My story is a little different. I didn’t know a lot about NASA growing up. However, I did know that I was interested in understanding how electronic devices worked. It started out as a very small thing. I would take apart radios and other small devices and wonder, how did someone know how to put this together and get it to do what it’s doing? From there, my career journey unfolded just like a movie. I had no idea that I would be on the path I am now. So, NASA wasn’t really the goal. I was just curious about how things worked. A lot of times people say the sky is the limit. Others note how that this can be somewhat limiting because space is beyond the sky. I think the limit is much closer to home. For me, it’s the mind and one’s own experiences. Defining something for yourself based on what you’ve seen or what you know may be limiting. I understand that everyone needs goals and direction, but if I said, “the best I can do is do what the people around me are doing,” I would not be where I am today. When I reflect on my career journey, I realize that following my curiosity opened me up to a world I never thought I would be in — a world beyond who I thought I could be or what I thought I could do — a world beyond my imagination.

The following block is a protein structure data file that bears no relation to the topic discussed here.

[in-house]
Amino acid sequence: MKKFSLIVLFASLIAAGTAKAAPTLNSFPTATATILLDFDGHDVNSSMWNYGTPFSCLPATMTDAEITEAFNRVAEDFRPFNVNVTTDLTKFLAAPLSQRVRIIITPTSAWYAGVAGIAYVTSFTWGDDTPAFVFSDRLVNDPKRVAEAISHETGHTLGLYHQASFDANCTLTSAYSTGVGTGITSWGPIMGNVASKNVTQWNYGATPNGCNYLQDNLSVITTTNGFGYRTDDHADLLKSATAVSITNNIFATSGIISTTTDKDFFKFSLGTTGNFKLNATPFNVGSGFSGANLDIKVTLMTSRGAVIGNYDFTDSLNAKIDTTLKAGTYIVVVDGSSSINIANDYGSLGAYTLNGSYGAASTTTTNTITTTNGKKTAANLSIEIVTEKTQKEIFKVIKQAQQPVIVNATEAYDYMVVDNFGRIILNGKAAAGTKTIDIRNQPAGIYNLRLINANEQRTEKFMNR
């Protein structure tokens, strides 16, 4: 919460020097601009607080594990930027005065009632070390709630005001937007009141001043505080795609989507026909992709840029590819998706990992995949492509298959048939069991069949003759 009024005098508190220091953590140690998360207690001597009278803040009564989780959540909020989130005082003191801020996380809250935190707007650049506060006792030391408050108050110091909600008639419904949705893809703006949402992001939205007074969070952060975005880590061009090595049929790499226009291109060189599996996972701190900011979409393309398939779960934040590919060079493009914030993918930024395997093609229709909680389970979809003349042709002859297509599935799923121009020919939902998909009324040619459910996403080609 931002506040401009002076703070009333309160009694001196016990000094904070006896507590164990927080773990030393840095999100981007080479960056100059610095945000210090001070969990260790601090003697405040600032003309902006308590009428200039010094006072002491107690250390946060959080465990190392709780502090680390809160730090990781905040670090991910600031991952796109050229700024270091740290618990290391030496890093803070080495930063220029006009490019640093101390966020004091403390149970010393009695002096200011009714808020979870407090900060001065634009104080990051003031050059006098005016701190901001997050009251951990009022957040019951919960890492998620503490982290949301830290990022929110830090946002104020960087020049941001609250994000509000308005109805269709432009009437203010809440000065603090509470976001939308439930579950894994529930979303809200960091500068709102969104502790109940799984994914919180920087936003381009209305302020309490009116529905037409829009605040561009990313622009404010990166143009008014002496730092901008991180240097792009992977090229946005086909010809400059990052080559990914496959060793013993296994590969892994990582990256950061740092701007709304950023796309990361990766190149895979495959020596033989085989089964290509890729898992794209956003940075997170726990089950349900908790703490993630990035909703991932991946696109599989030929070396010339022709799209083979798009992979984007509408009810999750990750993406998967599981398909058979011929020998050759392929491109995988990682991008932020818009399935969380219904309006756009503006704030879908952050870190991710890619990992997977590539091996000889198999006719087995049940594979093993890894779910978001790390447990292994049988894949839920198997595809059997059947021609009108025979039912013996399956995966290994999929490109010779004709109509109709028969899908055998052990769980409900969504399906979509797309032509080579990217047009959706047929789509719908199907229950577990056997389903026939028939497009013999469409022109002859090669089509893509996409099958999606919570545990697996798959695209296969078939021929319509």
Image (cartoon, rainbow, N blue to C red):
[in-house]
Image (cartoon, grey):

So, when did computer engineering and becoming an intern with NASA become something you wanted to do?